KOLKATA - India has crossed the 10 million mark in administering Covid-19 vaccine doses.
The government said this was achieved on Friday evening (Feb 19), adding it is the second fastest in the world to get to that number.
In a tweet on Feb 19, the Ministry of Health and Family Welfare said India had taken 34 days to get to this mark, while claiming the United States took 31 days to do so.
The milestone comes amid growing calls for India to ramp up vaccination, including from private players who are seeking a greater role in the drive, as the number of daily new cases shows a renewed surge in some states.
India began its Covid-19 vaccination programme on Jan 16 and aims to vaccinate around 300 million people in the priority groups, including the elderly, by July to August.
With 10,715,204 vaccine doses given as at 8am on Saturday, India is currently ranked third according to total doses administered, with the US in first position and the United Kingdom in second. According to the ministry's tweet on Friday, the US had administered 56.28 million doses and the UK, 16.5 million.
It is expected to open up vaccinations for citizens above 50 in the next two to three weeks. Eligible beneficiaries will be able to register themselves on the CO-Win 2.0 app that has been designed to drive the Covid-19 immunisation programme.
Progress in expanding vaccination coverage has been slow primarily due to vaccine hesitancy and tech glitches in the app. At current rates of vaccination, India will not be able to reach its target of inoculating 300 million people by July to August and could overshoot it by several months.
On Friday, India's health minister Harsh Vardhan appealed to healthcare and front-line workers to take the vaccine.
"Let us all work together to fight against Covid-19... It is only with our collective effort that we shall overcome this public health challenge," he said.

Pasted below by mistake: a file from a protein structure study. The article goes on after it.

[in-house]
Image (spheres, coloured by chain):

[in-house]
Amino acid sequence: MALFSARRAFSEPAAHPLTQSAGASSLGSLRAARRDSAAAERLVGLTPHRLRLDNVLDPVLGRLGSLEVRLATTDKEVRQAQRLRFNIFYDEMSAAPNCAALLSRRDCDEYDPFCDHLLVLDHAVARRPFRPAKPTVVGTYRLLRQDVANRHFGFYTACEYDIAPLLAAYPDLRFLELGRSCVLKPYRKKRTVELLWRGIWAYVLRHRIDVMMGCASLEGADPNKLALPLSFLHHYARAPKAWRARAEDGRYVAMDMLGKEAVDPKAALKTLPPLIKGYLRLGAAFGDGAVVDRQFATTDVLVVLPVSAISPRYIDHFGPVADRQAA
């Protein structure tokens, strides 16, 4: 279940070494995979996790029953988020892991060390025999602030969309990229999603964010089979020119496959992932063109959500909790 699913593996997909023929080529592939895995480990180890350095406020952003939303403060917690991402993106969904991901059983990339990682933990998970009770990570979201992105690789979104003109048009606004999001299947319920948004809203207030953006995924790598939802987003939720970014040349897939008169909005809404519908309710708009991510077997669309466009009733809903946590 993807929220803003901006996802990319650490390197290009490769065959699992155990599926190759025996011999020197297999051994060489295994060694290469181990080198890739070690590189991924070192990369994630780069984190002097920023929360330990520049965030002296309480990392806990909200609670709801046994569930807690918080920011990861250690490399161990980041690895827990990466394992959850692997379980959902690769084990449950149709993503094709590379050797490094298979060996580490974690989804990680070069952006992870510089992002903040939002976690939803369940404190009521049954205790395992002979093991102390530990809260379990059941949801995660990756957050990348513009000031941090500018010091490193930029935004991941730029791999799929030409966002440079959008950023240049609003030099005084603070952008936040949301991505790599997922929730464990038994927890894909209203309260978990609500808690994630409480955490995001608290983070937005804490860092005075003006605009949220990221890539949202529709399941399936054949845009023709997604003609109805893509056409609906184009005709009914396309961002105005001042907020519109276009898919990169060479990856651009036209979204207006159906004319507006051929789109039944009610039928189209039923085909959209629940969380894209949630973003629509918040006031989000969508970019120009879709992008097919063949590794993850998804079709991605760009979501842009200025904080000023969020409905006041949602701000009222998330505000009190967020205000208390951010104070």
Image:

Professor N. K. Arora, chairman of the Covid-19 working group of the National Technical Advisory Group on Immunisation in India, told The Straits Times the target set by the government is achievable and that vaccinations could soon touch "five to seven million daily".
"We are in a marathon and in a marathon you do not take off at the highest speed right from day one. You gradually warm up, learn and position yourself and then take off," he said, adding that the slow initial pace of vaccination had helped the administration better understand the challenges involved.
The government is working to increase the number of immunisation centres from the current figure of around 12,000.
"We have the capacity of having 50,000 to 100,000 immunisation centres operating any single day," Prof Arora added.
As India expands its vaccination programme, it will have to ensure that people receive timely reminders for the second dose of the vaccine and be able to accommodate those who fail to show up on the pre-assigned date.
"These are all parts of a vaccination programme that have to move in harmony and synchronisation with each other," Prof Arora said.
Meanwhile, adding to a growing demand for greater private sector involvement, the Confederation of Indian Industry suggested in a media statement on Thursday that business enterprises be permitted to vaccinate employees and their immediate family members.
Enterprises, it said, could assist in vaccinating surrounding communities as part of their corporate social responsibility, while making it clear they would comply with government guidelines.
Professor K. Srinath Reddy, president of the Public Health Foundation of India, told ST that the private sector would have to follow priorities set by the government to avoid diversion of vaccine stocks to non-priority groups.
It is also important, he said, for India to train more people to give vaccinations to ensure local administrations are able to have enough of them to carry out their vaccination programmes.
"Then to build vaccine confidence among the people, you have to use local community networks, not just national beam-outs or messages on national media. You also need local community networks to be activated," he added.